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Ilir Latifi sympathizes with the ‘artist,’ Conor McGregor, after UFC 200 fallout

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Esther Lin, MMA Fighting

In the commotion of the Conor McGregor/UFC dispute that ultimately ended up in a main event-cancelling stand-off, people have drawn sides as to which camp they can most empathize with. Fighters, fans and media have been a little divided on the matter.

Yet McGregor’s fellow European, Swedish light heavyweight Ilir Latifi, tends to side with McGregor, who refused to fly overseas to partake in the UFC 200 promotional tour going on this week.

After all, Latifi entered the UFC at the same time McGregor back in 2013 in Latifi’s native country.

"Me and Conor have a pretty cool history, because he debuted at the card that I was the main event," Latifi said during an in-studio appearance on The MMA Hour on Monday. "Since then we’ve fought like three or four times at the same event. But you know he’s an amazing athlete. He’s lifted this sport to another level. What he’s done for this sport is amazing.

"He’s a great athlete, he’s a great performer, but he’s not only an athlete, he’s an artist. [There’s a difference] being a fighter, being able to fight, and taking the fighting to the world. To all the people. And that’s what it is. He’s an artist."

Latifi filled in for the injured Alexander Gustafsson on very short notice against Gerard Mousasi when he debuted in Stockholm. That was the same card that McGregor debuted against Marcus Brimage, and began taking the UFC by storm. Since that time both fighters have emerged as commodities in the UFC, with Latifi recovering from the Mousasi loss to win five of his last six fights, and McGregor transcending the sport of MMA and becoming a superstar.

McGregor suffered his first loss in the UFC against Nate Diaz at UFC 196, a fight that he agreed to at welterweight when his original opponent, Rafael dos Anjos, fell out with a leg injury just 11 days prior.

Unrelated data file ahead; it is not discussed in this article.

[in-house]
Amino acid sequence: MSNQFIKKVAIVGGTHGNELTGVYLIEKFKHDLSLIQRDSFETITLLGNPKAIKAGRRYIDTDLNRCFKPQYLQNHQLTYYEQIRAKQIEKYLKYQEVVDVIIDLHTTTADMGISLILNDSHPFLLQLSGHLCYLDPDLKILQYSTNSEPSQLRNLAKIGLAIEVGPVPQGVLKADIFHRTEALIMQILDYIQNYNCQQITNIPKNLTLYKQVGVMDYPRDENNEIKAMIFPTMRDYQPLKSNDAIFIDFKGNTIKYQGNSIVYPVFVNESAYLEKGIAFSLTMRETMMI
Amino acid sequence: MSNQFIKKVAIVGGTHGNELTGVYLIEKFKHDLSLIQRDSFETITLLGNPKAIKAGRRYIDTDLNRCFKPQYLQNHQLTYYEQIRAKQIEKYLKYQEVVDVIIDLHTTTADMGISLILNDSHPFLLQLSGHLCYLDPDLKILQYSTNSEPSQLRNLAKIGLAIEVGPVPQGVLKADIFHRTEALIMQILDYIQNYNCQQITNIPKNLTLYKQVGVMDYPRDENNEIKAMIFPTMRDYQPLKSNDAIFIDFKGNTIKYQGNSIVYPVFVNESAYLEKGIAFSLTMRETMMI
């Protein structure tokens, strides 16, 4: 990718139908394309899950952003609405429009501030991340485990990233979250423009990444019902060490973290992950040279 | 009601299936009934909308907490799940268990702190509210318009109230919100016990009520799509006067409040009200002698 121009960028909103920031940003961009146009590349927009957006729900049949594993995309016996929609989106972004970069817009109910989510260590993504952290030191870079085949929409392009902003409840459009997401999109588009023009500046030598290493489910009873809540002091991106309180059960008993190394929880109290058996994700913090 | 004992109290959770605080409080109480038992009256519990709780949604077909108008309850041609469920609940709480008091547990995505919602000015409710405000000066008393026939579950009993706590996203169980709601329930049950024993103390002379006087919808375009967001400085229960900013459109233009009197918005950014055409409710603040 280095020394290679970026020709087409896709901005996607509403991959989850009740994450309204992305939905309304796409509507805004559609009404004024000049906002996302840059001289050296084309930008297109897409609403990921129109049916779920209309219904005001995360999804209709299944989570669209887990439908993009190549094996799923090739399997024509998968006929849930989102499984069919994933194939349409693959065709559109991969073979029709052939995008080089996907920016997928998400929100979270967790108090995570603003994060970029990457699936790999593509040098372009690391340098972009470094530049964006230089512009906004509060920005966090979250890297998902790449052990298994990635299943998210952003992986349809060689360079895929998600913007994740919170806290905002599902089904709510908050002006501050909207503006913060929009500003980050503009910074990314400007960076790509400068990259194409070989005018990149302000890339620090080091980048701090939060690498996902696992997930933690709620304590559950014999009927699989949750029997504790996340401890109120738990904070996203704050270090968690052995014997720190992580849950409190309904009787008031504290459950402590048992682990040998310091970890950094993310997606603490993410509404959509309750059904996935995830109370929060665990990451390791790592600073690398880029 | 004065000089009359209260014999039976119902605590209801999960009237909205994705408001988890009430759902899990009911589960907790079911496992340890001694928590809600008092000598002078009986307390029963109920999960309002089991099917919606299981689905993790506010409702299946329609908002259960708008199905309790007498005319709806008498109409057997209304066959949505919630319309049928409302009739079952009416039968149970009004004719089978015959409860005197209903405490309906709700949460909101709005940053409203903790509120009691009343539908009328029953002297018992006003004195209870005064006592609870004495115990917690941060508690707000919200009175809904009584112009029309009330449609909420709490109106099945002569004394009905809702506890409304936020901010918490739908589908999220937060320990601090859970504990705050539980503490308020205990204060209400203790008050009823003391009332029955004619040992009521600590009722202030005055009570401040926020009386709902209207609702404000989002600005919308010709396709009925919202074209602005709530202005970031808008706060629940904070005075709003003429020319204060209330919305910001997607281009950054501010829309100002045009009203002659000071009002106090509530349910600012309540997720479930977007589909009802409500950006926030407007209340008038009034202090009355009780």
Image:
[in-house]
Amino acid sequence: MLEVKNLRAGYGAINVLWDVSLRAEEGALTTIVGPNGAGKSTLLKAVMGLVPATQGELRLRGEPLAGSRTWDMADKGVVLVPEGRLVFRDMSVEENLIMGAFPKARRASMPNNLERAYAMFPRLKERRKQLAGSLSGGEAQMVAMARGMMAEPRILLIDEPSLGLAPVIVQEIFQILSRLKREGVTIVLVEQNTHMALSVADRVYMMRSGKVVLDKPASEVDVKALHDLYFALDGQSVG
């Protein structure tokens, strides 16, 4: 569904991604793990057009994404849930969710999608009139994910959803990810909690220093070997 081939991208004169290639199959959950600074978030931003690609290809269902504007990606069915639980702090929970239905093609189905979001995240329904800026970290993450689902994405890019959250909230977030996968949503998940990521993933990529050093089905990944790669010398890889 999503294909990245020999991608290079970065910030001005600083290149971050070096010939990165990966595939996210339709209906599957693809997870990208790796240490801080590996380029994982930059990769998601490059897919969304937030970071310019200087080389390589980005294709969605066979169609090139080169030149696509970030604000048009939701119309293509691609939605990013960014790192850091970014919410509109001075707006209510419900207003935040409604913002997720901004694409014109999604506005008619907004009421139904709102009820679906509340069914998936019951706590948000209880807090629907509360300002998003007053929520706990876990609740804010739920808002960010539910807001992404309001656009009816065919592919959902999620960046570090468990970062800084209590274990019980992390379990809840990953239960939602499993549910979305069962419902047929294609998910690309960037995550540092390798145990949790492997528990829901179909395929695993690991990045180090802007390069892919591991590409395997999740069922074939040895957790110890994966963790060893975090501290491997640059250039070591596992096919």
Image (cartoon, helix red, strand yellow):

The rematch between McGregor and Diaz was set for UFC 200 on July 9 in Las Vegas, but things fell apart when the UFC asked the Irishman to come back to America for a promotional tour through Nevada, Diaz’s hometown of Stockton, and New York City. McGregor, not wanting to disrupt his early training sessions in Iceland coming off a loss, refused to come, thus forcing the UFC to cancel the fight.

Latifi, who along with many other of McGregor’s peers, has been watching things unfold with rapt attention.

"At the same time, I understand," he told Ariel Helwani. "Because [McGregor] comes from all these world tours with the mass media and stuff, it takes a lot of energy. And it takes the focus off what you should do. Because as a fighter you always got to stay hungry and train hard. That’s the important thing. It’s not about the talking, it’s not about the flashing and stuff. When the cage closes, you’re there to fight and perform.

"And I think after that last fight he thought, there man, I should go back and do what I should do -- train like an animal. Training hard and being hungry. I’m not saying he’s not hungry anymore, but thinking…man, I’m going back to where I started. Like I do myself, I like go back to where I started in my hometown training at that dirty, dirty gym where I started. To get me hungry again. Sometimes you need that. So I think, it wasn’t like he wanted to dis the UFC or something, it was like, hey man, I’m here. I want to work hard. I want to win this fight. It’s important."

The 32-year-old Latifi has won three straight in the UFC’s 205-pound division, and as such is one of the rare up-and-comers in a division that lacks contenders. He’ll be watching the new main event at UFC 200, the rematch between interim champ Jon Jones and actual champ Daniel Cormier, with an eye on meeting of them in the near future.

Echoing what many others have concluded on the McGregor-UFC rift, Latifi thinks the trouble could have been avoided if the two sides had communicated more clearly. And he thinks that communication is the key going forward, too.

"At the same time I understand the UFC too, because Conor’s such a big name," he said. "This event, the 200 event is so big, they really need him to promote it. But you know, this thing happened, and I think you just got to have communication and work it out."